Another esoteric stacking artifact; centers of stars have black or pure-color pixels.

Hey again! I stacked 50% of my 7500 shots of andromeda from multiple nights (no calibration shots) and wanted to see how things fared. It’s a nice result, except for the fact that I can’t plate solve it because of this interesting artifact. See the following FIT file for what I’m talking about:

And this screenshot for a quick peek at what I’m referring to, in every bright star:

Has anyone seen this before? I’m unsure what could have caused it, except for maybe some concept of the stacking results (average with rejection, winsorized sigma clipping, 3/3 low/high) leading to those channels overflowing or underflowing? I just can’t see that.

Hi! Someone reported it before but I never reproduced it… Can you tell us what type of input files or sequence you have? Does it appear only after stacking?

Yes it’s probably an overflow of unsigned integer values.

First, can you see it on your debayerd lights ? Before stacking?

Second, do you stack in 16 or 32bits ?

EDIT: Ok this is 32. Did you applied a process after stacking?

We need to understand at which step do you have this. I would say debayering.

We also need your logs.

OK apparently you did a deconvolution.
So this is really not a stacking effect, but a deconvolution effect I guess.

OK apparently you did a deconvolution.

I did? I don’t recall doing a deconvolution at that stage in the pipeline. I restacked using 50% weighted fwhm and still got a similar result on those stars, sadly. I hope I’d recall if I tried running a deconvolution step on over 7500 registered images (lol).

Can you tell us what type of input files or sequence you have? Does it appear only after stacking?

I don’t know if it matters, but I’m using fits cubes because I can’t work on more than 2048 files at a time, so I just converted all of my data into debayered FITS cubes (since I’m not calibrating), and then used the conversion tab to merge all 3 of these massive FITS cubes (multiple nights of data, multiple ISOs, etc. etc.). I hope that answers the questions. Yes, it definitely only appears after stacking.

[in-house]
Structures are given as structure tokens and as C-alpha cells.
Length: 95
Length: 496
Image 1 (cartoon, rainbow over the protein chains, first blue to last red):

Here’s that 50% Weighted FWHM image:

What’s so strange to me is that this did not happen when I stacked 90% of the 7500, but the plot does look like this:
Perhaps there’s something inside these frames on the right that is messing things up? I could spend another day letting it re-register on a different reference image, I suppose.

Update: Maybe I’m a moron?

Here’s a little collage I just made from the brightest star in the debayered, unregistered lights:

Obviously, if I pull up the red channel, those are totally black pixels.
What I’m completely perplexed by is how this happened and didn’t affect the 90% fwhm stack that I made, but it affects any of these 3500-sub stacks.

Another thing I don’t understand, then, is how we got weird effects on that star that aren’t just cyan, but are all sorts of pure combinations of colors. What’s up with that?

Yes you did. It is written in you FITS history.

Perhaps in that last FITS file, but I’m completely uncertain how it would have applied a deconvolution on all of those lights (or the registered lights, for that matter). Is that where you saw it, or in the most recent one? I might have unintentionally saved the FITS after deconvolution during some prior processing, but I didn’t think that SiriL would save those directly when I did so. Does it say exact where that deconvolution was done (before registration)? If it wasn’t really early in the pipeline, I don’t see how the debayering led to that.

Yes there is an overflow in the debayer part. Which algorithm do you use?

The debayer section of the settings menu says I’m using VNG4.

Please try using RCD, the default algorithm, far better.

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